Families can encourage study skills in many different ways. One simple way is to just ask, “What did you learn today? What did you do in school?” Having students summarize their learning and explain it in a different way allows them to revisit and recall basic daily objectives. Having the daily conversation will help give parents an insight into their student’s day and get students used to the question so that it is easy to answer as time goes on. Being involved in homework and having students explain how to complete it to someone else also allows them to study the information in a different way. In addition, speaking to the teacher about strategies you can try at home could help encourage study skills at home.
LJ: What are some of the most positive aspects of middle school in your opinion? What do kids making the transition to middle school have to look forward to?
MB: Middle school is an exciting time for students. They have great opportunities coming their way to explore interests and try new things. Extra-curricular choices give students the opportunity to delve into the arts, sports, different language, and anything else offered by the school. Students can begin to explore their interests for future careers and different types of high school options. As students progress in middle school they will have the opportunity to join specific clubs, such as student government, Science Club, Chess Club, etc., which makes going to school even more exciting. Middle school is also a great place to meet new people and build great friendships. A lot happens during middle school, and the best part is that there are students who are going through the same thing and will share that experience with you.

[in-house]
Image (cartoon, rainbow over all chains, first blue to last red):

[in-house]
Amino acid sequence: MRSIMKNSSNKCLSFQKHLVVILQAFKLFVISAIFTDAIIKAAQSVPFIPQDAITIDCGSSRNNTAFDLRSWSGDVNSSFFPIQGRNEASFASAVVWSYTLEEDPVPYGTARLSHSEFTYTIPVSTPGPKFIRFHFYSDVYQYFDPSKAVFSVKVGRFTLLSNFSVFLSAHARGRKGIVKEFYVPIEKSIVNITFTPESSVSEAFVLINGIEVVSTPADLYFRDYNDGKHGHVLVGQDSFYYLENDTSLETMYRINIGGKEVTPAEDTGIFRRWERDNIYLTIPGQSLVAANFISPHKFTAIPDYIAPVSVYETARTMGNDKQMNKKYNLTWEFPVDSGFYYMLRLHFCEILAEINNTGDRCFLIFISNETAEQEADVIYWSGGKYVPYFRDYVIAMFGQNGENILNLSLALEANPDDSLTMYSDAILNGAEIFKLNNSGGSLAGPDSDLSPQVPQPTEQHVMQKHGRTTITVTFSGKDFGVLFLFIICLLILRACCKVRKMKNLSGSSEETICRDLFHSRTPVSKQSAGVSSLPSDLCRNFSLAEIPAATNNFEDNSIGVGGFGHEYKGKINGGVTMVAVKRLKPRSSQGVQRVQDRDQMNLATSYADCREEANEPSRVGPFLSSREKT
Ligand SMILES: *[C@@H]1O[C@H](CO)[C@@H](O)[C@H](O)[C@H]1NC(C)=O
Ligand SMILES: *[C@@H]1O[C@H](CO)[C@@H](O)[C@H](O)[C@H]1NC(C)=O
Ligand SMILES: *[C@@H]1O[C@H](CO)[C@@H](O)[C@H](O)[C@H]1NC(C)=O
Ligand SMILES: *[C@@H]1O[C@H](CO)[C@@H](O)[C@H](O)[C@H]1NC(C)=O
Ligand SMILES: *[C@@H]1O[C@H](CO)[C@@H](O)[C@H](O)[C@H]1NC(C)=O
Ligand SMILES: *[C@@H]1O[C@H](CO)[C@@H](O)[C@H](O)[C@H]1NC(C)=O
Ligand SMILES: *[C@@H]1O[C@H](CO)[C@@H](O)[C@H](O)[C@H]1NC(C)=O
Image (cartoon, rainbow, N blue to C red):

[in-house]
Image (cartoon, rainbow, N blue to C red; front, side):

Check out some great San Jose charter middle school options, and don’t hesitate to reach out to your teacher with questions!
Share your middle school transition questions and tips ➟ @RocketshipEd
Logan came to Rocketship in 2013 after spending three years in a neighboring district in east San Jose. She learned about Rocketship’s inspired full inclusion model and knew within her first days as a Rocketeer that she was in the right place to influence change for all students. Logan is most inspired by her students who seem to inherently understand that learning can be messy and difficult, but who are willing to jump in headfirst anyway. Logan lives with her husband and her dog in sunny Santa Cruz and spends her extra time playing on the beaches or hiking underneath the redwood trees in her backyard.